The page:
A very wise friend once told me that he often struggles with the decision to spend millions to proceed with developing a new apartment community. He says he has to convince himself that he is a genius for finding an opportunity that others did not take see. The fact of the matter is that it is often years before he knows whether he was the genius he thought he was or a fool for thinking he was smarter than everyone else was. He knows that he would never develop another community unless he is optimistic about the future. I share his optimism. We?re at the forefront of a decade-long boom in the apartment business. Here are the three reasons why you should share our optimism as well.

Demographic Demand

The echo boom, which started in the 1980s and peaked in the early 1990s, now includes as many as 80 million young Americans, according to demographic experts. This generation will want cool, stylish, high-density housing located primarily in the urban core and faux-urban suburbs. These echo boomers, who are just beginning to graduate from college, like dense environments with lots of entertainment options. They are team-oriented, date in groups, and demand a sense of community. We will need to rethink our floor plans, unit mix, and amenities to meet their desires for interaction and fun common areas.

The baby boomers, a generation that also numbers about 80 million people, are another important group for multifamily firms. But beware: They are used to getting their way!

A little narcissistic, boomers are focused on staying young. As they say, "Fifty is the new 30!" They strive to be "hip and happening" in their lifestyle choice and will drive demand for distinctive high-density housing. Don't be surprised when boomers sell their suburban "McMansion" and buy a newly developed urban "McLoft" that looks old but, thanks to its new construction, doesn't have the hassle of old, drafty windows. They also demand a high level of concierge services and amenities.

Immigrants represent the third group supporting multifamily demand. We live in the finest country in the world, and everyone in the world–even the French–would love to live here. Just look at the waves of immigrants in cities around the country. The American dream lives in the hearts and souls of these newcomers who will become American citizens. As immigrants and Americans, they will drive the demand for good quality, affordable apartment homes in cities like Raleigh, Dallas, Chicago, Los Angeles, and elsewhere. The challenge will be providing quality, affordable rental housing at a time of rapidly increasing construction cost.

Supply Issues

I know we have always found a way to build more apartments than needed in past cycles, but I believe our greatest challenge today may be providing enough multifamily housing to meet the enormous demand from echo boomers, baby boomers, and immigrants. Zoned land with utilities is a scarce thing in good markets, and utilities and roads are getting harder and more expensive to build. Neighborhoods have become organized against development. As anyone who's tried to develop an apartment project recently knows, we've gone from fighting NIMBYs ("Not in My Back Yard") to BANANAs ("Build Absolutely Nothing Near Anything"). It's an untenable situation, especially given the housing needs and desires of echo boomers, immigrants, and baby boomers.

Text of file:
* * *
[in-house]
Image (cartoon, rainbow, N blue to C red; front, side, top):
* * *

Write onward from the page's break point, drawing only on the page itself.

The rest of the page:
If you are lucky enough to find a zoned site, then you face another question: Who will develop it for you? During the 1990s, many talented, entrepreneurial young men and women went into the "dot.com" world rather than real estate, and now we have a shortage of experienced developers. Our challenge is to find those experienced entrepreneurs and recruit them to our industry, or hire the next crop of talented real estate MBAs and train them to be developers.

Capital Interest

The good news is that right now, capital loves real estate. We are finally an accepted asset class. In fact, we are a required asset class! With apartment REITs now included in every major index, pension funds and insurance companies must own real estate. But these major players do have a choice: They can buy REIT stocks or they can make direct investments. I believe that REITs will capture the majority of these investment dollars due to the liquidity and transparency they provide, but the amount of capital flowing toward real estate is so large that direct investments will also grow tremendously.

Steven R. LeBlanc, the former CEO of Summit Properties, was Multifamily Executive's 2004 Executive of the Year. He is president and CEO of White Stone Associates in Austin, Texas.
Steven R. LeBlanc, the former CEO of Summit Properties, was Multifamily Executive's 2004 Executive of the Year. He is president and CEO of White Stone Associates in Austin, Texas.

Aging baby boomers will also provide another source of capital. The dividends and cash flow that apartment REITs deliver is now cool–investing is now more about preserving wealth than racking up capital gains. In this environment, real estate offers a safe haven for boomers' retirement dollars. There has never been more information available about real estate investments than there is today, and that type of transparency reduces risk. Reduced risk lowers the required equity returns on a deal. Lower equity returns drive lower cap rates. Therefore, capital loves real estate and accepts a lower return due to the lower perceived risk of real estate against other investments.

Given all these factors, I cannot help but be an optimist. I believe we're at the beginning of a decade-long boom for multifamily real estate. Don't be afraid to take advantage of these opportunities. Big chances like this don't come around very often.